5. Falling Down

4 Apr

Idoji, just outside of Tokushima, on a beautiful day

The previous day’s marathon effort had me hankering for an easier day, so I treated myself to a lazy, late start, enjoying another great Japanese breakfast at the Station Hotel and then jumping on the bike to mop up the three remaining temples west of Tokushima that I hadn’t managed to reach yesterday in my exhausted state.

The weather was bright and sunny as I veered off the choked main roads of start-stop traffic lights and onto the quiet, maze-like streets that make up suburban Japan, following the northern side of Mount Bizan past houses, paddy fields and tiny shrines.  Once clear of the mountain, I turned south to shadow the river, passing the bespectacled monk I’d met whilst huddled around the gas heater at Shōzanji yesterday, to whom I gave a 20mph “Konnichwa!”, scaring the crap out of him in the process.

It was an easy day’s cycling until I approached the third and final temple of the day, Idoji, at which I took my first spill.  Seeing a road bike-damaging pothole ahead at the last minute, I turned suddenly and overbalanced, resulting in the pedal scuffing the road, my front wheel going sideways and the whole bike doing a cartwheel, launching me off into the air and finishing my gymnastic manoeuvre with an impromptu forward roll onto the concrete.  Luckily, apart from a few grazes and bruises to both me and the bike, there was no serious damage done, but it shook me up enough to take greater care on the way back to Tokushima and the sanctity of the hotel.

I needed to press on after a lacklustre day so early into my trip, and so I visited the TOPIA tourist information centre on the 6th floor of the station building to ask the staff to help book my next night’s accommodation, some forty miles further south.  The dour-faced sourpuss behind the desk was reluctantly helpful, instructing her softer, younger and far more smiley assistant to phone the Japanese inn in Naka I had earmarked, to secure a room for me for the following night.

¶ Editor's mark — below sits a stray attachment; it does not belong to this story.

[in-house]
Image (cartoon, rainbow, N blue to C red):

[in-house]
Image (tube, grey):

Later I decided to check out a Japanese curry restaurant I had seen the previous day.  Japanese curry is a more homogenised and sanitised version of Indian curry; typically in the fast food curry houses you get a standard meal of half a plate of mildly-spiced brown gloop, half a plate of rice and a breaded pork or chicken cutlet as topping.  So I was interested to stumble across a chain restaurant called Coco Ichibanya which allowed you to customise your curry.  You could choose from beef or pork, state the amount of rice you wanted and choose from various toppings, but best of all you could dictate the level of spiciness, from a chilli-less 1 to a supposedly ring-burning 10.  The menu warned that the spice levels above 5 were not for the faint-hearted, and only those who had finished an entire plate of level 5 curry could order them.  Weeks of conditioning in Japan had turned this system-bucking Brit into a full-fledged social conformist, so I stuck with the “rules”, ordering a plate of level 5 curry.  It certainly had a bit of a kick to it, but it was no match for a seasoned British curryhead.  I decided there and then that a secondary challenge for this trip would be to work my way as far up through the spice levels as I could get.

Preferably without filling my cycling shorts the next day.

20 miles


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